introduced to adjust tenancy contracts concluded prior to 1 January
1982 to the overall system of the new Act.  This Act is designed to
bring rents negotiated at different times closer together in the
general interest, taking into account the social policy objectives
pursued by rental law.  The rents were changed in two directions at the
same time, up as well as down.

        The applicants' assertion that owners cannot obtain financial
benefits from rented houses coming under the Act is incorrect.  If he
does maintenance and improvement work, the owner can use for himself
without specific accounts 20% of the cost of such work, these amounts
to be taken out of the rents perceived (section 20, para. 1 (2)(b) of
the Act).  Moreover, he is free after ten years to dispose of all rent
income in so far as he has not used the rents for maintenance and
improvement work. Even within this ten-year accounting period, the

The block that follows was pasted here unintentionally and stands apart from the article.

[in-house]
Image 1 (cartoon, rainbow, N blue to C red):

rents including interest are the owner's property.  Only his freedom
to dispose of the rent proceeds is restricted as a result of his
obligation under the tenancy contract to keep the leased premises
useable for the agreed purpose (cf. section 1096 of the Civil Code and
section 3 of the Rent Act). He must use the rent during this period to
maintain or improve the house if at least one of the tenants requires
him to do so under sections 3 or 4 of the Act.

        In connection with the owner's obligation to maintain the
premises, cost of raising outside capital and reasonable debit interest